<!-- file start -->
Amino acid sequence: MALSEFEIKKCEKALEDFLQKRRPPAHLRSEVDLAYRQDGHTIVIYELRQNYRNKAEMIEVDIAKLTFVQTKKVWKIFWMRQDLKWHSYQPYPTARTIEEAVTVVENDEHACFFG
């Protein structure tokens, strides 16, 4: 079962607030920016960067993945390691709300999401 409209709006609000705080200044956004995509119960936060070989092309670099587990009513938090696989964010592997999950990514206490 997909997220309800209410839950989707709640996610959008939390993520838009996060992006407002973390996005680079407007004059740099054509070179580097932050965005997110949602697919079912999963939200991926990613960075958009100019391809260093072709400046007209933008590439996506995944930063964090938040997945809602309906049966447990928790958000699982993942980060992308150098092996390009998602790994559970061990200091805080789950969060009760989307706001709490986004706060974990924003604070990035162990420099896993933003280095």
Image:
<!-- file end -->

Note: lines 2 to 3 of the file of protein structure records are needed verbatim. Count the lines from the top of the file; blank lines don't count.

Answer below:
């Protein structure tokens, strides 16, 4: 079962607030920016960067993945390691709300999401 409209709006609000705080200044956004995509119960936060070989092309670099587990009513938090696989964010592997999950990514206490 997909997220309800209410839950989707709640996610959008939390993520838009996060992006407002973390996005680079407007004059740099054509070179580097932050965005997110949602697919079912999963939200991926990613960075958009100019391809260093072709400046007209933008590439996506995944930063964090938040997945809602309906049966447990928790958000699982993942980060992308150098092996390009998602790994559970061990200091805080789950969060009760989307706001709490986004706060974990924003604070990035162990420099896993933003280095």
Image: